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When we have made some modest remonstrances upon this strange tyranny on the part of people who have vowed to God to be poor and humble, they will then reply to us : We have enjoyed this right for six hundred years; why then despoil us of it? We may humbly rejoin, that for these thirty or forty thousand years,

the weazels have been in the habit of sucking the blood of our pullets; yet we assume to ourselves the right of destroying them when we can catch them.

N.B. It is a mortal sin for a chartreux to, eat half an ounce of mutton, but he may with a safe conscience devour the entire substance of a family. I have seen the chartreux in my neighbourhood inherit an hundred thousand crowns from one of their mainmortable slaves, who had made a fortune by commerce at Frankfort. But all the truth must be told: it is no less true, that his family enjoys the right of soliciting alms at the gate of the convent.

Let us suppose that the monks have still fifty or sixty thousand slaves in the kingdom of France. Time has not been found hitherto to reform this christian jurisprudence; but something is beginning to be thought about it. It is only to wait a few hundred years,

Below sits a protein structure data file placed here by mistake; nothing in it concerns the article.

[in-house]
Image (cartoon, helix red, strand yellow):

until the debts of the state be paid.*

SLEEPERS (THE SEVEN). FABLE-supposes that one Epimenides, in a single nap, slept twenty-seven years, and that on his awaking he was quite astonished at finding his grandchildren married—who asked him his name-his friends dead, his town and the manners of its inhabitants changed. It was a fine field for criticism, and a pleasant subject for a

* It is scarcely necessary to observe how the debts of the state were paid, and still less so to call attention to the detestable oppression which the revolution, whatever its own character, put an end to. It is easy to talk of the sufferings of priests and nobles during this convulsion ; but a slight glance at the details in this article, and similar exposures, will rapidly supply two sides to the question.-T.

comedy. The legend has borrowed all the features of the fable, and enlarged upon them.

The author of the Golden Legend was not the first who in the thirteenth century, instead of one sleeper, gave us seven, and bravely made them seven martyrs. He took this edifying history from Gregory de Tours, a veridical writer, who took it from Sigebert, who took it from Metaphrastes, who had taken it from Nicephorus. It is thus that truth is handed down from man to man.